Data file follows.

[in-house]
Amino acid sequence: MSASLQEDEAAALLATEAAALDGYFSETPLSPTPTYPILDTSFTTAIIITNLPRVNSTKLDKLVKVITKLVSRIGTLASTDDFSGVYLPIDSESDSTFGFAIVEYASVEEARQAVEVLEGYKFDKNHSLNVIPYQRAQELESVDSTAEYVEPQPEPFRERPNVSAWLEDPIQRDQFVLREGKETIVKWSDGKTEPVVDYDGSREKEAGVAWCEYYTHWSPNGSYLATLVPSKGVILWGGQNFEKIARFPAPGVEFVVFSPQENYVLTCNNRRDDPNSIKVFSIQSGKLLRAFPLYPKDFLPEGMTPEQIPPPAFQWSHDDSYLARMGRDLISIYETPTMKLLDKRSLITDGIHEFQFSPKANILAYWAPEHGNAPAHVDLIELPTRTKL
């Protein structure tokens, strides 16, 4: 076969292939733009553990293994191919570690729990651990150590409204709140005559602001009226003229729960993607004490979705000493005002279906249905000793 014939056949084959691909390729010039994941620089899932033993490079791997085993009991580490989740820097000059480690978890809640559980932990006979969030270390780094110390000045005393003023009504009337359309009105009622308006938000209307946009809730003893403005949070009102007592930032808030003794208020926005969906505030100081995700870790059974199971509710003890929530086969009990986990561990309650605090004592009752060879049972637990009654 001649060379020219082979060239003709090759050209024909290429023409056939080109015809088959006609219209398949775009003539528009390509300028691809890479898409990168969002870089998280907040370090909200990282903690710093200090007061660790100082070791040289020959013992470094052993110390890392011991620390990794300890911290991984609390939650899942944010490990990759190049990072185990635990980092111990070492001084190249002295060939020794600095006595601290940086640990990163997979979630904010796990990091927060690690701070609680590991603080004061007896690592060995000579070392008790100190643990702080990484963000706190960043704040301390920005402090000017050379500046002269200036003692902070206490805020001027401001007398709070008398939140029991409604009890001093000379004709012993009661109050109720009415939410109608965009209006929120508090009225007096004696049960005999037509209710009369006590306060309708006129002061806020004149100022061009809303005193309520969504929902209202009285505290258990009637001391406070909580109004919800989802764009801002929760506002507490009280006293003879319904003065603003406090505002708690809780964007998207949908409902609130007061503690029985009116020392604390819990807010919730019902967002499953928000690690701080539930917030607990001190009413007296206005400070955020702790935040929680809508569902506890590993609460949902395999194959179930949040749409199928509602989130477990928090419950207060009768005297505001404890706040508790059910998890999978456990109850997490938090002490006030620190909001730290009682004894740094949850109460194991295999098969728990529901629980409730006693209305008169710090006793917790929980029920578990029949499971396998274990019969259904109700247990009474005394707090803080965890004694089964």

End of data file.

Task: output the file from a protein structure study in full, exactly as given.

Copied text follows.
[in-house]
Amino acid sequence: MSASLQEDEAAALLATEAAALDGYFSETPLSPTPTYPILDTSFTTAIIITNLPRVNSTKLDKLVKVITKLVSRIGTLASTDDFSGVYLPIDSESDSTFGFAIVEYASVEEARQAVEVLEGYKFDKNHSLNVIPYQRAQELESVDSTAEYVEPQPEPFRERPNVSAWLEDPIQRDQFVLREGKETIVKWSDGKTEPVVDYDGSREKEAGVAWCEYYTHWSPNGSYLATLVPSKGVILWGGQNFEKIARFPAPGVEFVVFSPQENYVLTCNNRRDDPNSIKVFSIQSGKLLRAFPLYPKDFLPEGMTPEQIPPPAFQWSHDDSYLARMGRDLISIYETPTMKLLDKRSLITDGIHEFQFSPKANILAYWAPEHGNAPAHVDLIELPTRTKL
């Protein structure tokens, strides 16, 4: 076969292939733009553990293994191919570690729990651990150590409204709140005559602001009226003229729960993607004490979705000493005002279906249905000793 014939056949084959691909390729010039994941620089899932033993490079791997085993009991580490989740820097000059480690978890809640559980932990006979969030270390780094110390000045005393003023009504009337359309009105009622308006938000209307946009809730003893403005949070009102007592930032808030003794208020926005969906505030100081995700870790059974199971509710003890929530086969009990986990561990309650605090004592009752060879049972637990009654 001649060379020219082979060239003709090759050209024909290429023409056939080109015809088959006609219209398949775009003539528009390509300028691809890479898409990168969002870089998280907040370090909200990282903690710093200090007061660790100082070791040289020959013992470094052993110390890392011991620390990794300890911290991984609390939650899942944010490990990759190049990072185990635990980092111990070492001084190249002295060939020794600095006595601290940086640990990163997979979630904010796990990091927060690690701070609680590991603080004061007896690592060995000579070392008790100190643990702080990484963000706190960043704040301390920005402090000017050379500046002269200036003692902070206490805020001027401001007398709070008398939140029991409604009890001093000379004709012993009661109050109720009415939410109608965009209006929120508090009225007096004696049960005999037509209710009369006590306060309708006129002061806020004149100022061009809303005193309520969504929902209202009285505290258990009637001391406070909580109004919800989802764009801002929760506002507490009280006293003879319904003065603003406090505002708690809780964007998207949908409902609130007061503690029985009116020392604390819990807010919730019902967002499953928000690690701080539930917030607990001190009413007296206005400070955020702790935040929680809508569902506890590993609460949902395999194959179930949040749409199928509602989130477990928090419950207060009768005297505001404890706040508790059910998890999978456990109850997490938090002490006030620190909001730290009682004894740094949850109460194991295999098969728990529901629980409730006693209305008169710090006793917790929980029920578990029949499971396998274990019969259904109700247990009474005394707090803080965890004694089964």